scheduled to be finished by the end of May 2008.
He said he doubts the state can break ground before then. The Legislature,
he noted, still needs to approve funding to close a $116.5 million budget
gap for the project.
(source: Marin Independent Journal)
Governor vetoes bills opposed by law enforcement
Gov. Arnold Schwarzenegger has vetoed legislation for the second straight
year that would have required tape-recording police interrogations, a
measure recommended by a commission formed to examine the causes of
The governor also rejected bills that would have allowed testimony by a
jailhouse informant only if another witness corroborated it, and would
have established a task force to write guidelines for police at lineups
and photo identifications.
All three bills were recommended by the California Commission on the Fair
Administration of Justice, which the state Senate created in 2004 to look
into cases in which innocent people have been imprisoned and propose
safeguards. The 23 commission members include prosecutors, defense
lawyers, police representatives and scholars.
Organizations representing police chiefs and sheriffs opposed all three
bills. A district attorneys association opposed the measure on jailhouse
informant testimony and was neutral on the other 2.
The vetoes, which Schwarzenegger issued over the weekend, demonstrate
"once again the power of California's law enforcement agencies to block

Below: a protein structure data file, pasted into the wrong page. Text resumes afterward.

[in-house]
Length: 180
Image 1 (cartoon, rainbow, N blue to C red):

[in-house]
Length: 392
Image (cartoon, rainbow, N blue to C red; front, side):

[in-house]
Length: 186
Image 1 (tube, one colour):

needed justice reform," former Attorney General John Van de Kamp, chairman
of the commission, said Monday.
All three measures, he said, were "modest bills which were based on the
best science and the best practices available." He said they had been
drafted to satisfy concerns Schwarzenegger expressed when he vetoed
earlier versions of the interrogation and lineup bills last year.
The governor said in his latest veto messages that the bills were not
needed and would unduly restrict police investigations. Representatives of
police groups and prosecutors were unavailable for comment.
The interrogation measure, SB511 by Sen. Elaine Alquist, D-Santa Clara,
would have required officers to record interrogations of suspects in
police stations or jails in cases involving violent felonies.
A study by Van de Kamp's commission found that suspects often confess to
crimes they don't commit and that tape-recording would help jurors
evaluate a defendant's claim of a false or coerced confession. The
commission said many law enforcement agencies already tape a majority of
their interrogations and that courts in six other states have required the
Schwarzenegger said the bill would "deny law enforcement the flexibility
necessary to interrogate suspects." He did not say how recording would